Keep in mind, in any case, it’s still likely there will be a probate proceeding after someone dies, even if all of the assets are to be distributed via beneficiary designations. And even with a small probate proceeding, there will be some fees and expenses, the decedent’s final income tax return will need to be filed and income taxes may need to be paid. If the executor doesn’t have access to any funds in the estate to pay for these expenses – because all of the assets were distributed via beneficiary designations – they may find it difficult to pay these fees. If they’re a beneficiary of any of the assets, they may end up paying for these expenses out of their own pocket if the other beneficiaries don’t agree to chip in. 

In some cases (particularly if there is only one beneficiary), distributing all of your assets via beneficiary designations may be a good idea, but in other situations (such as having multiple beneficiaries who don’t get along), it may not. Distributing via a will is more costly and time-consuming, but in some cases, it may be the fairer choice. In many cases, creating a trust can mitigate a lot of challenges, but this is often more costly to set up and may be more complicated to maintain. As you can see, the choices are complex.


You’re devoting a lifetime to accumulating assets. Make sure their disposition is managed the way you want, or your efforts could be for naught. If you have any questions about your current accounts’ beneficiary designations, or which options may be best for you and your estate, connect with a financial advisor and an estate planning attorney so they can help you review your plan and discuss options that suit your personal circumstances.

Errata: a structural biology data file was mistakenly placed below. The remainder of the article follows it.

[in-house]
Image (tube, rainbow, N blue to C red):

1 (2024, January). 2024 Wills and Estate Planning Study. Retrieved February 27, 2024, from



The information regarding estate planning should not be construed as tax or legal advice and is for general informational purposes only.

Neither Edelman Financial Engines nor its affiliates offer tax or legal advice. Interested parties are strongly encouraged to seek advice from your qualified tax and/or legal professionals to help determine the best options for your particular circumstances.

Rodney Weaver

Director of Estate Planning

I have over 20 years of experience working with high-net worth clients from around the country, educating them on federal and state estate tax strategies as well as trust planning, charitable gifting, and various advanced estate planning techniques designed to increase estate transfer efficiency, reduce costs, and implement overall estate objectives. I am licensed to practice law in New Hampshire. I reside in New Hampshire with my wife and two children.